If you’re a fan of the way Instagram displays your images, I think you’ll like how the WhiteWall Acrylic Mini process can make them manifest.
Long time readers of the Phoblographer will know about how much I value prints. With the WhiteWall Acrylic Mini I was given the opportunity to try something completely new. WhiteWall is an industry standard when it comes to printing photos. Great customer service and fantastic quality leads lots of photographers to trust them for higher end work. With the WhiteWall Acrylic Mini prints, photographers get the ability to create rectangles or squares–perfect for most photographers. They aren’t the largest prints by any means, but I decided to do something very Instagram-style with the WhiteWall Acrylic Mini prints.
Let me first explain what I wanted to do. This image, despite its rather plain appearance, is genuinely important to me. Growing up in Queens, NY, it’s a scene looking into Manhattan–which for me was a way that I felt for a paramount portion of my life. I wanted this image printed, but knew that a small print wouldn’t do it justice. So I spoke to WhiteWall about a pretty different idea, taking the image and splitting it up. They were fine with this as long as I did the splitting. And so I set about splitting this photo up into 9 sections to be put together carefully.
WhiteWall’s online interface is a bit dated if you’re trying to print a number of images like this. It’s much better when it comes to printing single images. I’m sure that’s what most photographers doing there are doing anyway. Within a week or so, the images were printed on the WhiteWall Acrylic Mini surfaces and sent over to me. They were carefully wrapped, boxed and even sealed. Opening each sealed package revealed each print along with the according hanging hardware set up on the back. As a photographer who has received lots of metal prints and prints on other surfaces besides paper, I genuinely appreciate having the hardware set up already.
This may sound trivial to you, but let me put it this way: I’ve got a large metal print that I’m ready to hang up but I haven’t yet because I’m searching for the right magnetic hardware to use for it. I want something simple to use that doesn’t require a lot of excessive drilling and balancing. You’d be shocked at how difficult this is. To hang the prints, I hired a gallery tech from MoMA PS.1 to do the hanging job. Excessive? Maybe. But I wanted this carefully set up and arranging 9 images in just the right way requires precision. The way that it is particularly hung will make someone feel like they’re looking through a window.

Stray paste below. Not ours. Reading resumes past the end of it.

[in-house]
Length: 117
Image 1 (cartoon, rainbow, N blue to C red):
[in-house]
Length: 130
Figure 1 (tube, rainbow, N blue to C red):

In the long term, the image quality has really held up. The WhiteWall Acrylic Mini prints have punch to them, are durable, and look nice. Part of this is due to the reflective properties of them. I genuinely wish that they had a matte finish. Most of the photos in my apartment and office are canvas. The reason why is because when it comes to apartments in NYC, I think a canvas’ ability to absorb light and still render the image easily to the human eye is plenty superior to reflective surfaces. This is why I chose to put it further away from a window. In fact, you’d want to do the same, or position a light right above it.
Here is what the final set up looks like. As you can tell, it looks like a carefully put together puzzle.
I think the WhiteWall Acrylic Mini prints are fantastic. The service is great, the durability is great and the overall quality is exceptional. But I also seriously wish they offered a matte finish that doesn’t have reflections. If you’re printing small images and putting them in certain parts of your home or offering them to clients, then fine. But not giving photographers a surface that absorbs light doesn’t do justice to their images unless they have a whole lot of control over the lighting in their home. To make the most of the WhiteWall Acrylic Mini, you’d want to shine a light directly above it. Perhaps place them under a lamp on a couch end table or under LEDs you may have in your home. If you do this, you’re bound to make the most of the printing process.
from The Phoblographer http://bit.ly/2CxKQh3